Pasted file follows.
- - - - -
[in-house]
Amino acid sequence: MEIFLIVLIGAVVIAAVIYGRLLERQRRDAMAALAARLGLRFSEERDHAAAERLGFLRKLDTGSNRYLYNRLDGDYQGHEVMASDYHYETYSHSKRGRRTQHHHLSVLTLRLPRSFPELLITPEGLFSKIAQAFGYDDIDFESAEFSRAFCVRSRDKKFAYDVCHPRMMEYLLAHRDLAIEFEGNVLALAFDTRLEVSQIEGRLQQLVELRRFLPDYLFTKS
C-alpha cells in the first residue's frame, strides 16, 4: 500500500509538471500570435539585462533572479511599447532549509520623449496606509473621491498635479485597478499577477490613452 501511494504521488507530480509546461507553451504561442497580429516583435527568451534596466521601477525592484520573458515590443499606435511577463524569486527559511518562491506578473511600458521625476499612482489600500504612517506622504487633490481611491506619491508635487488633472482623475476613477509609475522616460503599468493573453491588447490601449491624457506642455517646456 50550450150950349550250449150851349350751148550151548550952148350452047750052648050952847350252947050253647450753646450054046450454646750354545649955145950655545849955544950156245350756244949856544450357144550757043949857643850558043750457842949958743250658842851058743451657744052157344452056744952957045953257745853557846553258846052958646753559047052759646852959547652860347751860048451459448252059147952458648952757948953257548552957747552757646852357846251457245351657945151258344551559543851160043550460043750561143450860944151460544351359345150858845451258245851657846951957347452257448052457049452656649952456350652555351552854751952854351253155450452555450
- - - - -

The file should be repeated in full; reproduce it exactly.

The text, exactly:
[in-house]
Amino acid sequence: MEIFLIVLIGAVVIAAVIYGRLLERQRRDAMAALAARLGLRFSEERDHAAAERLGFLRKLDTGSNRYLYNRLDGDYQGHEVMASDYHYETYSHSKRGRRTQHHHLSVLTLRLPRSFPELLITPEGLFSKIAQAFGYDDIDFESAEFSRAFCVRSRDKKFAYDVCHPRMMEYLLAHRDLAIEFEGNVLALAFDTRLEVSQIEGRLQQLVELRRFLPDYLFTKS
C-alpha cells in the first residue's frame, strides 16, 4: 500500500509538471500570435539585462533572479511599447532549509520623449496606509473621491498635479485597478499577477490613452 501511494504521488507530480509546461507553451504561442497580429516583435527568451534596466521601477525592484520573458515590443499606435511577463524569486527559511518562491506578473511600458521625476499612482489600500504612517506622504487633490481611491506619491508635487488633472482623475476613477509609475522616460503599468493573453491588447490601449491624457506642455517646456 50550450150950349550250449150851349350751148550151548550952148350452047750052648050952847350252947050253647450753646450054046450454646750354545649955145950655545849955544950156245350756244949856544450357144550757043949857643850558043750457842949958743250658842851058743451657744052157344452056744952957045953257745853557846553258846052958646753559047052759646852959547652860347751860048451459448252059147952458648952757948953257548552957747552757646852357846251457245351657945151258344551559543851160043550460043750561143450860944151460544351359345150858845451258245851657846951957347452257448052457049452656649952456350652555351552854751952854351253155450452555450